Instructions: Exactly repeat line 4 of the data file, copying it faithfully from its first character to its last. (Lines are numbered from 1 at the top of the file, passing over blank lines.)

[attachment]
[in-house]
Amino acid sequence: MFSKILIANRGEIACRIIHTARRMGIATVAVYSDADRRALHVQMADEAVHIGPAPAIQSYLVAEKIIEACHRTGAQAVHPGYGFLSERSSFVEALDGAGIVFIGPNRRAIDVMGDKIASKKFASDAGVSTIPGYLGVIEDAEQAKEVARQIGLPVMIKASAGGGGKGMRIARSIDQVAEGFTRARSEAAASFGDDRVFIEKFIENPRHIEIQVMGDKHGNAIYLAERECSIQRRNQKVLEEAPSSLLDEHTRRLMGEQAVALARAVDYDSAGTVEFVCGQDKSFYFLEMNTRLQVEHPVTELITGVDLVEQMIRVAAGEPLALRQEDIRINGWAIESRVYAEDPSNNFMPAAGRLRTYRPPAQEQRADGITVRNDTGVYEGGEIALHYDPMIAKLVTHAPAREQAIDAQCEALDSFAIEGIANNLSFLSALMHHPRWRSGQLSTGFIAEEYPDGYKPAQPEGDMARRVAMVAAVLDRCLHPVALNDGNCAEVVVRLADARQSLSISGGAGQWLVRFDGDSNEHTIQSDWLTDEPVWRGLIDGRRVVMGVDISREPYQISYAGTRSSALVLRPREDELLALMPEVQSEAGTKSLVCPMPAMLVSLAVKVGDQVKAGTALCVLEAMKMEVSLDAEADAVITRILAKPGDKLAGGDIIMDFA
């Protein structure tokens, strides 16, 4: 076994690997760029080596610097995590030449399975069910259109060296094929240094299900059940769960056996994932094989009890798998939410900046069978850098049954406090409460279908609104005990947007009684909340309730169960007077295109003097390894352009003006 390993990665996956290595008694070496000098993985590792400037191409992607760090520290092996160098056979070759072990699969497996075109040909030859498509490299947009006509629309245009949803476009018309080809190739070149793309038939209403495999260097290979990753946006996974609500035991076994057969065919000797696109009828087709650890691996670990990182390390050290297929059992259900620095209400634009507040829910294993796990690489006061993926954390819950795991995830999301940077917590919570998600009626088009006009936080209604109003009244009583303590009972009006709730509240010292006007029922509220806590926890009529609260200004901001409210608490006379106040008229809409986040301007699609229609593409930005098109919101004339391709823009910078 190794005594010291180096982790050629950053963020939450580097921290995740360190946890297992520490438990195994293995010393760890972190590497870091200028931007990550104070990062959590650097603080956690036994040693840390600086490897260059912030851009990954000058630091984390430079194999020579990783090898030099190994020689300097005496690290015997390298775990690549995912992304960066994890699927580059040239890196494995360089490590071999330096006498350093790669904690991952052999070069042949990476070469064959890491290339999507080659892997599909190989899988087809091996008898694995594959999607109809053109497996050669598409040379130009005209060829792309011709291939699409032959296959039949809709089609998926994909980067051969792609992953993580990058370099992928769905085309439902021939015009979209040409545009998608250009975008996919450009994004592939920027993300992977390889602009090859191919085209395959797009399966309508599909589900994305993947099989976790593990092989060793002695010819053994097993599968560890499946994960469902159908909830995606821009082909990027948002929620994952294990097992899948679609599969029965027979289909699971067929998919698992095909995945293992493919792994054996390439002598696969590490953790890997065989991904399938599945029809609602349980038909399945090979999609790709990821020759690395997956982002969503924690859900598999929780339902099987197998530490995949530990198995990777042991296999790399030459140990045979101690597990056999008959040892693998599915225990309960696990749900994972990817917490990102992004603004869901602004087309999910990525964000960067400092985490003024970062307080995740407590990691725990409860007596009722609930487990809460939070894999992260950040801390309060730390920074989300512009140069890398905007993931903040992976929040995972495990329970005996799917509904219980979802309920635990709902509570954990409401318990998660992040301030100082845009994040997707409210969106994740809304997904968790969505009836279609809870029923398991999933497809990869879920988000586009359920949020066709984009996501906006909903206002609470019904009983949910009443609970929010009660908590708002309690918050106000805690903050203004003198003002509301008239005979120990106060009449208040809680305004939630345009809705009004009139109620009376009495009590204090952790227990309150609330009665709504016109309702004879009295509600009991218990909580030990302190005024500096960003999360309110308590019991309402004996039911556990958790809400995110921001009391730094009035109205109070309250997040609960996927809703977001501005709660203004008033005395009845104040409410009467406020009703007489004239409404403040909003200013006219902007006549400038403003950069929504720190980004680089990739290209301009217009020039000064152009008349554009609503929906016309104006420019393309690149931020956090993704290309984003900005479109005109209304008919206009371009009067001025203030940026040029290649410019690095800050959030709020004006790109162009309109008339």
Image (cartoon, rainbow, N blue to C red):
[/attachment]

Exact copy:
Image (cartoon, rainbow, N blue to C red):